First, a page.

Your SAT Essay score can rely on some small things. The SAT Essay Section asks you to read a passage and analyze the rhetorical devices the author uses to try and convince their audience. Basically, it doesn’t ask you to refute or deny the essay itself, it asks to explain how the author tries to convince their audience. Here’s what you need to know to improve every score on your SAT Essay.
The passages are about 650-750 words long, not too different from the SAT Reading passages. If you can handle the reading section, you can absolutely master the essay. Also like the SAT reading, you should absolutely mark up these passages. Pay attention to how the author is trying to convince you of their position. Make notes in the margins, and underline potential evidence for you to use later. Coming up with a code to denote what kind of persuasion technique you’ve found is often useful. Some students mark evidence with a little square, emotional appeals with a little heart, rational reasoning with a thought bubble, and stylistic elements with a loop. You can use whatever symbols you wish, but remember what they mean!
Make sure you are writing analysis! Every piece of evidence you include should be to back up some insight you have about the strategies the author is using to try and convince you. The SAT Essay graders are not looking for a summary of the article, they are looking for your insight into the persuasive nature of the article. Find where they try and sway you, and then explain it.
Have a thesis about how the author is trying to convince you. Are they using emotional appeals? Do they reference a lot of statistics and evidence? Are they leaning heavily on stylistic elements to paint their cause in a certain way? Explain this to your reader, and use quotes and examples from the essay to support your claims. Evidence and quotes should be there to support a claim, not just fill up space until you can write a conclusion. The SAT Graders are looking for analysis, not just length.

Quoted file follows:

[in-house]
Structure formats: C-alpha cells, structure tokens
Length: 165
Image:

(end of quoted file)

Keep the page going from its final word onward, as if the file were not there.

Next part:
You will always benefit from spending a couple minutes outlining your essay. Taking the time to sit down and write out what you want to say prevents you from writing yourself into a corner or completely losing your train of thought. Make some bullet points about the main rhetorical strategies they use that stick out to you the most, and then write a thesis tying them all together. This should keep you from having wandering paragraphs and keep your essay on track.
Remember to include an introduction and a conclusion! Without them, it’s likely your essay won’t score above a 2/4 in the writing rubric. Your introduction should introduce what you think the author was trying to achieve with the essay and what rhetorical strategies they used to try to persuade their audience. This is not an essay about whether you agree or disagree with the author, it’s an essay analyzing how they’re trying to convince you.
That’s all! Now go forth and write that SAT Essay! If you want more SAT and ACT prep advice sure to join our mailing list for a free 27-item checklist and 30-day free SAT email course.